SS Cheribon (+1902)

Generalities: Located in Acajutla, Sonsonate to approximately 70 kms of San Salvador; Beautiful beach located on the largest rock reef in the northern pacific. The bottom substrate where the wreck is made of rock is located in the wave-lifting area, which usually helps to have a great dynamic of sand. Species: The organisms observed are echinoderms (Echinometra vanbrunti), starfish (Phataria), lobsters (Panulirus gracilis), oysters (Cassostrea iridescens), octocorals (Muricea austera), and fish.

Cheribon SS

was a Chilean Passenger Liner Steamer of 3,075 tons built in 1882 by William Denny & Brothers, Dumbarton as the CHERIBON for Compagnie Nationale de Navigation, Marseille. She was powered by a steam single screw giving 11 knots. In 1899 she was purchased by W.T.Pitt, Valparaiso and in 1901 by E.Gerrard, Valparaiso, Chile. On the 11th April 1902 she ran aground on Remedios Point, Panama and was wrecked.

SS Sakkarah (I) (+1890) (Douglas)

Sakkarah (I) was built by Denton, Gray & Co., West Hartlepool and launched as Douglas but completed as Sakkarah for DDG Kosmos. On February 9th, 1890, Sakkarah was wrecked near Acajutla, El Salvador, when leaving the harbour for Hamburg with a cargo of coffee and grain.

Generalities: Located in Acajutla, Sonsonate to approximately 70 kms of San Salvador; Beautiful beach located in the most extensive rocky reef of the Pacific North, golden sands, ideal for diving where you can observe coral formations, sunken ships, and the possibility of sighting humpback whales during the months of October  – February.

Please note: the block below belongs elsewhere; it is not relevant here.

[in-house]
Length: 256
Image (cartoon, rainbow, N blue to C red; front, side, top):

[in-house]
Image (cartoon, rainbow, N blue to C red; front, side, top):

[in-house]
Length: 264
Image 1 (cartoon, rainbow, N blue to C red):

The delimited area possesses several types of substrates, these make possible a heterogeneity that favors the diversity of species. Basically, high rock substrates (0.5 m in general), low rocks with sand, high rock with sand and sand are recorded. Where changes in the composition of the benthic fauna inhabiting the substrate can be visualized. The depths of the site oscillate between 20 to 35 feet, where the zones that presented / displayed greater depth have to be substrate of sand.

SS San Blas

The American steamer San Blas was wrecked 5 miles north of Libertad carrying general cargo from San Francisco via Acapulco to Panama.

Located on the beaches of La Libertad, 35 kms from San Salvador. The wreck is located on a loose sand substrate belonging to the rising and breaking zone of the wave, so close to the area of rocks belonging to the Comasagua River. The depth ranges from 3 to 5 meters.

PSJ-2, Jiquilisco Bay

Located in the east of the country 110 kms from San Salvador, Madresal Island, Puerto El Triunfo Usulután. According to studies, it is assumed that the estuary has been formed by means of two partial developments that differ greatly with respect to its hydrographic, morphological and sedimentary character and that the own Bay of Jiquilisco originally comes from one to several arms of the primitive delta of the River Lempa.

The mouth of El Bajón forms the mouth of the estuary of Jiquilisco of 2 km wide. (Gierloff – Emden, 1976) The importance of this site for conservation has been validated by UNESCO as a “Xiriualtique” Biosphere Reserve which means “The Bay of Stars” and has been named RAMSAR wetland.

The wreck is located on a loose sand substrate between 18 and 70 feet; The organisms that are observed on the surface of the ship are Carijoa multiflora and sponges, besides species like the lobster (Panulirus gracilis) and fishes; Including the most prominent Epinephelus itajara, “mero” (goliath grouper goliath) that is in danger of extinction of the IUCN red list and in the national list of threatened and endangered species of the ministry of the environment and Natural resources, where it is prohibited for sale or extraction of their habitat


2 decks, 3 masts, ship rigged, round stern, carvel built, no galleries, figurehead male demi.